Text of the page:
There are some exceptions to this process. For example, California allows non-law-school graduates (and even non-college graduates) to take the state’s bar exam as long as they’ve studied at least four years under the supervision of an attorney or a judge. And Wisconsin has “diploma privilege” for graduates of its two in-state law schools, allowing University of Wisconsin and Marquette University law graduates to obtain admission to the state bar simply by graduating.
These exceptions are rare, though, and most states require seven solid years of college and law school education before you can become a licensed attorney.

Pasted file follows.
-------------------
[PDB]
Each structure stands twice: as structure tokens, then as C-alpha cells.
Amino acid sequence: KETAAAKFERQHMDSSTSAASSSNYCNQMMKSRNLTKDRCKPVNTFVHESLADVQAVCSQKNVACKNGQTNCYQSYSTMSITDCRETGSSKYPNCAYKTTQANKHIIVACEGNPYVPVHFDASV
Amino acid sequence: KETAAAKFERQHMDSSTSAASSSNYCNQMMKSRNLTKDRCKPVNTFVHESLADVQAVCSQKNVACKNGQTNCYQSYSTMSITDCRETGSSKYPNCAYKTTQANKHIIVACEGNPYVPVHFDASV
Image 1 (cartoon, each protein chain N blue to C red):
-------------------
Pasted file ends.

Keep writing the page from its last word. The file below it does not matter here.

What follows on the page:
Get Good Grades in College
The better your college transcript, the more competitive you’ll be when it comes time to apply to law school. However, don’t sacrifice a rigorous course of study just to pursue a 4.0. Your prospective law schools will want to see that you have a well-rounded education that includes a good mix of classes, particularly those that challenge you.
You don’t necessarily need to major in criminal justice or pre-law to be on the fast track to law school. Because personal injury attorneys often have to interpret and explain complicated medical jargon, majoring in biology, nursing, or even pre-med can give you an upper hand when it comes time to dive into a personal injury claim. Personal injury attorneys must also interpret complex insurance policy terms and corporate structures, particularly when deciding who to sue in a claim, so a business background can benefit future personal injury attorneys.